Earlier this year, the great Israeli novelist A.B. Yehoshua died at the age of eighty-five. Robert Alter—who, like the author’s other friends, knew him as “Buli”—offers a personal and literary perspective on Yehoshua’s work:
There is a prevailing notion in the Hebrew criticism of Yehoshua’s novels that they are all about Jewish history, Zionism, and the future of the nation. To this end, critics have dutifully unearthed national and historical motifs, freighted allusions to the Bible, and interrogations of the Zionist project. Some Hebrew critics have come close to turning his stories and novels into national allegories. None of this is altogether off the mark. What such readings miss, however, is the charm of his novels. They also forgo any explanation of how his work has kindled enthusiasm among Americans, Europeans, and others who could scarcely be expected to be much interested in Zionism, the Jewish people, and Jewish history. It’s worth remembering that Buli was also a comic novelist. Granted, the comedy of his fiction is offbeat, deadpan, and often concerned with the grimmest realities of life, from obsession to dementia. Still, reading Buli’s wry descriptions and bizarre scenarios, one often cannot help but smile.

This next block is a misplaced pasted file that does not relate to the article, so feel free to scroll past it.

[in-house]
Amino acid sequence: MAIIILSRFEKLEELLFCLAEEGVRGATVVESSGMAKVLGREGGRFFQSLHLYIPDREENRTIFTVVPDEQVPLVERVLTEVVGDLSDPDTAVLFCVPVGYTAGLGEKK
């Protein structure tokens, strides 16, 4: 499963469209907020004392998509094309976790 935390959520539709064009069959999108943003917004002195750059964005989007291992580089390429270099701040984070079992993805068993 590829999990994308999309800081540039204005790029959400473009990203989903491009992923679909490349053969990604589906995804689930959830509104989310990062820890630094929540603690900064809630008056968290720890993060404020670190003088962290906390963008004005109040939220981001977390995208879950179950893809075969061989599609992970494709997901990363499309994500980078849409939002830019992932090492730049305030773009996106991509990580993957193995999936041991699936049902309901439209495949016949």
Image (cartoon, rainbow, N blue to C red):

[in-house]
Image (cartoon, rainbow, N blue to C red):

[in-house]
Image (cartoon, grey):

The subject that powerfully engages Yehoshua as a writer is how a perfectly ordinary person can find himself edging by degrees into behaviors that are altogether unreasonable, on occasion grotesque, and, often, bizarrely comic.
Elsewhere, the comedy is in Yehoshua’s droll descriptions. His last novel, The Tunnel, vividly illustrates this. Though about the decline into senility of a character named Zvi Luria (yet another engineer), written when Buli himself was aging, it abounds in amusing formulations. Thus, Herod is referred to as “the admirable King Herod, who ruled our nation for almost 40 years, and was like the Office for Public Works and Israeli Roads rolled into one.”
Buli, needless to say, was urgently concerned with sounding the depths of his people’s bewildering and often murky history and trying to make out how Zionism might provide a viable response to the challenging ambiguities of the Jewish condition. . . . As a novelist, however, he often used the vehicle of fiction to indulge playfully in whimsical ideas and situations rather than polemics. His work reminds us that fiction can be entertaining, and perhaps should be, even when it is serious.